When a personal representative files a wrongful death case, is he or she bound by an arbitration agreement signed by the deceased person (or someone holding a power of attorney for the deceased)? Yesterday, the Court of Appeals answered that question “yes” in Krahmer v. Laurel Healthcare Providers, LLC.
This situation arises often in a nursing home context. On admission, the resident, or someone holding a power of attorney for the resident, signs an agreement stating that all disputes between the resident and the nursing home will be resolved by arbitration.
If the resident dies, and the personal representative of the resident’s estate files a wrongful death lawsuit against the nursing home, the personal representative will argue that the arbitration agreement should not be enforced. Sometimes the personal representative will be in a position to argue that he or she did not sign the agreement, and thus should not be bound by it. And if the personal representative did sign it, then it should not be enforced because the other Wrongful Death Act beneficiaries did not sign it.
Although perhaps superficially appealing, this argument does not withstand scrutiny, as Chief Judge Kennedy explained in the Court’s unanimous opinion. The opinion offers three principal reasons:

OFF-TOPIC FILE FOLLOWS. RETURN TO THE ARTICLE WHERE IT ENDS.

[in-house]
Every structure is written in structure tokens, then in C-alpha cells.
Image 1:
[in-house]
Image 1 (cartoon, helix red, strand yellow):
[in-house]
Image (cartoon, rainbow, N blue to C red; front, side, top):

First, the Wrongful Death Act specifically creates a cause of action only for any “act, or neglect, or default” that causes death “such as would, if death had not ensued, have entitled the party injured to maintain an action and recover damages….” NMSA 1978, § 41-2-1. Because the Act is in derogation of the common law, it is construed strictly, and therefore this language means that “the same cause of action exactly as it would have been possessed by the decedent is what is transmitted to the personal representative, and any limitations on the decedent’s personal right to maintain an action will survive as well.”
Second, Chief Judge Kennedy points out that previous New Mexico cases have consistently treated the personal representative’s rights in a wrongful death action as derivative of the decedent’s, and distinguishes the non-New Mexico cases that plaintiffs typically rely on.
Third, the opinion notes New Mexico’s strong public policy in favor of arbitration.
I believe this is a case that is likely to be appealed to the New Mexico Supreme Court, and it is to be hoped that the justices will affirm the Court of Appeals’ opinion here.